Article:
I tilted my head, frowned, and said, “You should go ahead and sing anyway.” I didn’t mention to him that I was a musician.

He smiled and said, “Hope the mower repair works. If you get into a bind, just bring it in, and we’ll take care of it.”

While getting in my truck to leave, I felt a tinge of sadness at Rick’s comments about singing. I thought about how different my life might have been if my parents had pointed out things I couldn’t do. Daddy never said I couldn’t fix things or that everything I touched ended up broken even though I showed little evidence of being handy with tools and was sometimes accident prone.

When I got back home, the engine was cool to the touch. After installing the fuel filter and pump and making the hoses match the picture I took with my phone before removing them, I cranked up the mower. I watched the golden gasoline begin flowing through the clear fuel filter housing. Nothing was spewing from that little black fuel pump, and the motor was running normally. I smiled, thinking of how proud Daddy would be.

As I began cutting our tall grass, I thought about how I dreaded those childhood mowing days with my father. Back then, what should have been a two-hour job often took most of the day, because old “Death-Trap” often broke down. Now, I’m thankful for those Saturdays spent watching Daddy repair that riding mower. Both of us were unaware of the lessons being taught. I wonder if he knew how those lessons would be remembered years later at a lawn mower shop, by a much older son who is still in awe of the man whose example he still tries to follow.


ACT Aspire Video Message

Please view the following information from counselors, students, teachers, and principals. Thank you to the AHS Videographers for assistance with the recording and editing of this 4-minute video.

Senate Bill 349 Provides Punishment Rather than Support and Oversight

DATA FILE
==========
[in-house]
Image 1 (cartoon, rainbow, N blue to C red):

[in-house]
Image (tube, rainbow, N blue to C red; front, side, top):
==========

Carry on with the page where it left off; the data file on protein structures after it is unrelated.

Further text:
I don’t normally get political but reading State Senator Alan Clark’s Senate Bill 349 demanded a response, so I wrote the following to two members of the Arkansas Senate Education Committee.

We’ve had a problem in this country with reading for much of my life. “Reading wars” have been fought for years. Finally, we seem to be at a point that there is a good understanding and evidence for what works best in reading instruction. As a state, we’re early in the training and implementation of required “Science of Reading” programs. Alma School District acted early and made significant investments to implement Connections, one of the top science-based reading programs, so my concern here is not so much for Alma as it is for the rest of the state where resources might be lacking. 

Children who happen to be born into poverty have inadequate health care, poor nutrition, and limited exposure to learning experiences when their minds are at crucial developmental stages. Often these children have traumatic experiences and cope with toxic stress that interferes with their ability to receive and process new learning. Children in poverty have much less exposure to conversation, text and learning opportunities than their middle and upper-income peers.